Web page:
- Rugby looks to repeat as national champions with playoffs approaching
- Volleyball remains humble through newfound success
- Dean of School of Education dies at 51
- A second home in Hamden
- Men’s ice hockey takes 3-2 win over UMass despite power-play woes
- No. 3/3 Quinnipiac women’s hockey loses 4-1 to No. 6/7 Boston College
- Women’s ice hockey prepares for weekend against No. 6 Boston College
- Men’s ice hockey dominates UConn 5-2
- Bobcats hold off Siena to maintain the top spot in the MAAC
- A perfect pair
Oh, the places they’ll go…
When Quinnipiac seniors walk across the stage on graduation day, they will leave the only life they have ever known. In their hands will be a diploma, their ticket to the real world. But what will they do with it?
For some, that piece of paper is the passport to adventure. Wendy Wei, a senior majoring in public relations, plans to travel throughout Europe for a month after she graduates. After four years of reading, hearing and learning about the world, she thinks it’s time to experience it.
Wei advises future and current seniors to live life to its fullest after graduation.
“If you want to travel the world, do it. Don’t do anything just because it’s ‘what your supposed to do’ after graduation,” she said. “Just have fun.”
For many, receiving their diplomas is like cutting the ribbon at the start of a race. The competitive chase for employment begins. Alison Loyka and Nicolas Gilleran, two seniors majoring in public relations, will pursue jobs in major cities and move home to commence their hunts.
Gilleran wants to work for NBC in Boston. “If that doesn’t work out, I’m moving to Los Angeles to potentially work for Paramount Pictures,” he said.
Loyka plans to snag a job at a record label in New York City. “I’ll be living home until I save enough money to get my own apartment in New York City,” she said.
Both Gilleran and Loyka advise the Class of 2008, especially those in communications fields, to intern.
“Intern as much as you can. It’s the best way to get your foot in the door,” Loyka said. “It’s where you make a lot of your connections before heading out into the real world. .It’s all about who you know.”
Loyka is not the only senior trying to take her bite out of the Big Apple. Scott Wormser, a senior media production major, and Casey Manning, a senior broadcast journalism major, want to move to New York City to pursue acting careers. Manning is crossing his fingers that he will find his big break in New York City, he said.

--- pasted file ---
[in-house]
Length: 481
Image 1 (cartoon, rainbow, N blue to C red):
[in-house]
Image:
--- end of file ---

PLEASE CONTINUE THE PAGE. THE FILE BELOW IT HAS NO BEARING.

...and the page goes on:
He advises the juniors to not let opportunities pass them by. “You do not want to be at the end of a long list of names, you want yours right at the top.,” he said. “Work hard until the very end and stay dedicated to your work.”
For some seniors, there is no end to school work any time soon. Monica Sisca, a senior sociology major, plans to attend graduate school at Quinnipiac to obtain her Master of Arts in teaching. Senior physical therapy major Katherine Leduc also plans to stay at Quinnipiac. At the completion of her program, she will receive her doctorate in physical therapy.
Sisca recommends that upcoming seniors take challenging classes in the fall so there is time to interview for jobs and graduate schools in the spring. “When going on interviews learn how to sell yourself; it’s the best way to get what you want.”
Leduc advises juniors to take life into their own hands. “Be proactive–about everything, your education, your life. Don’t just sit around and let others guide you along. Take action and take control of your future,” she said.
Although some seniors choose to continue their educations at Quinnipiac, some choose to attend other universities. Jaclyn Trojanowski, a senior majoring in social services, plans to attend the School of Social Work at Rutgers University to acquire her Masters. Other seniors attend graduate school to study a field unrelated to their undergraduate field. Sara Fiore, a senior broadcast journalism major, plans to attend the University of New Haven to work on her master’s in sports management.
Trojanowski reminds juniors that there is nothing wrong with being unsure about the future during their senior year in college.
“It is OK to not have your life planned out for you as you approach graduation,” she said. “So many opportunities may come your way and this is only the beginning to the rest of your life. .Take it as it comes.”
For a handful of seniors, a diploma on graduation day is the last piece of the puzzle. They are waiting patiently to walk across that stage and into the offices of the jobs they already have. Dina Rocco, a senior accounting major, starts work in September as a new associate auditor at Pricewaterhouse Coopers in Hartford. Mike Fagoli, a senior majoring in media production, will work on documentaries for Kismet Films in New York City.
As the school year at Quinnipiac comes to an end, Wormser reminds current seniors and those soon to be, to cherish the memories.
“Do not hold back because time flies by. And remember, no matter what, Quinnipiac University will always be here.”